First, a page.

A recent survey of electric vehicle (EV) owners shows that a significant number of Californians may be leaving hundreds of dollars a year in fuel-cost savings on the table. The survey by the California Center for Sustainable Energy suggests that more than a third of EV owners in some utility territories may not be on the utility rate plan that would save them the most money.
A side-by-side look at our State of Charge analysis results, which evaluated fuel-cost savings of different utility rate plans, with the CCSE survey results provides some insights to rate plan choice by California EV owners. While most of the state’s EV owners are getting the lowest rates they can, more consumer awareness and further evaluation of the barriers to consumer choice of time-of-use (TOU) rates for EV charging is needed.
What utility rate plans are California EV owners choosing?
The CCSE survey of 1,419 EV owners (96% LEAF owners) breaks down responses by the utility service area and has data for five major utilities. The bars in the chart show the percentage of survey respondents who remain on their standard utility rate plan instead of switching to an electric vehicle TOU rate.
For some utilities, more than a third of non-solar owning EV owners are staying on the standard rate plan. Our findings from State of Charge showing greater fuel-cost savings by switching rate plans suggests that these customers may not be on the utility rate plan that could save them the most money. (See note at the end on solar PV ownership and rate selection.)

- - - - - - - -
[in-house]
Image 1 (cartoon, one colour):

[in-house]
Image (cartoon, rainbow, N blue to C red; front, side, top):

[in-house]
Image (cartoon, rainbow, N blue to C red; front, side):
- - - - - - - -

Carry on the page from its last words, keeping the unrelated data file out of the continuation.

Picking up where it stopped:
Refresher on California utility time-of-use rates
In my previous blog post on California electricity rates, I explained the different TOU options available and potential savings. But here’s a quick refresher. Time-of-use rates offer lower electricity rates overnight when vehicles are typically being charged and higher rates during peak electricity demand hours – typically in the afternoon and into the early evening. The figure below shows LA’s TOU rate as an example.
There are two types of TOU rates available. A whole-house TOU rate (TOU-WH) applies to all of the electricity use in your home including your car, while a EV-only TOU rate (TOU-EV) rate applies only to your vehicle charging while your household electricity consumption can remain on the standard plan. The TOU-EV rate typically requires the installation of additional metering equipment, which can add an upfront cost.
Comparison of CCSE survey data with rate plan savings
The figure to the right shows the CCSE survey data by utility along with an estimate of the savings from switching to either a TOU-EV or TOU-WH rate for each utility. The two lines show annual savings these utility customers may be able to achieve by switching to a TOU plan. Looking at the data alongside one another helps show which utility customers have the most to gain.
For example, LADWP and SMUD show the highest percentage of EV owners staying on the standard rate plan. The potential savings from a switch to a TOU plan for those utility customers is about $200/year on either a TOU-WH or a TOU-EV.
For the average SCE and PG&E customer, the annual savings of switching to either one of the TOU options could results in more than $400 per year – and as much as $1,000. Nearly a third of EV owners are not taking advantage of these rates and potential savings.